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February 23rd, 2017, 01:13 PM   #1
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Solving for PDE Eigenvalues

Eigenvalue PDE? How can I solve for lambda of the new problem exactly how the old problem was solved. Both problems are included in the attached picture. Please show steps
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 February 23rd, 2017, 05:11 PM #2 Senior Member     Joined: Sep 2015 From: Southern California, USA Posts: 1,500 Thanks: 757 any chance you could upload a version of that image that doesn't require a microscope to see? Thanks from Joppy
February 23rd, 2017, 07:47 PM   #3
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Picture is in Zipfile

Don't know how to upload image any larger. Site has a limit. I placed it in the zipfile attached.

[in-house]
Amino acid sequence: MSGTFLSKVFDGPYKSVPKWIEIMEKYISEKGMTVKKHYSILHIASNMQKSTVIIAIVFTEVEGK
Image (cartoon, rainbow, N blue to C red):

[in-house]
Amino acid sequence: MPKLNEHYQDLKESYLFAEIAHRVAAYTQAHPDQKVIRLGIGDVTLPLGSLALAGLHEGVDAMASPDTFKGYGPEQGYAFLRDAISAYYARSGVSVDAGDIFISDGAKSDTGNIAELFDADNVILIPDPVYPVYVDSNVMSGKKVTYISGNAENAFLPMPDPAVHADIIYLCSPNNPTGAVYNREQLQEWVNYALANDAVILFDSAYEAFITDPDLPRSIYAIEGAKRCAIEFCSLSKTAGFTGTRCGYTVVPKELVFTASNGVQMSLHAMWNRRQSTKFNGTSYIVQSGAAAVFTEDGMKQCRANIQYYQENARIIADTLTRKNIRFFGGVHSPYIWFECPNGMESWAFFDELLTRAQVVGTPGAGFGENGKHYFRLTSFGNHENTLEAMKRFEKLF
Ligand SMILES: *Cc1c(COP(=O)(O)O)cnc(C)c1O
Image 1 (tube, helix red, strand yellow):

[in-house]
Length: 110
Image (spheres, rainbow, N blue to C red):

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 February 25th, 2017, 03:45 AM #4 Math Team   Joined: Jan 2015 From: Alabama Posts: 2,731 Thanks: 707 And opening THAT requires one to have Microsoft Office on your computer! Using a magnifying glass to read the first post, the first problem given is the boundary value problem $\frac{\partial^2 u}{\partial x^2}+ \frac{\partial^2 u}{\partial u^2}= f(x, y)= -x$ with boundary conditions u(x, 0)= u(x, W)= 0, u(0, y)= u(L, y)= 0. The "suggest" first solving the eigenvalue problem $\frac{\partial^2 u}{\partial x^2}+ \frac{\partial^2 u}{\partial u^2}= -\lambda u$. The question, then, is "why doesn't that same eigenvalue strategy work if the boundary value problem is $\frac{\partial^2 u}{\partial x^2}+ \frac{\partial^2 u}{\partial u^2}+ k^2u= f(x, y)= -x$ with boundary conditions u(x, 0)= u(x, W)= 0, u(0, y)= u(L, y)= 0."

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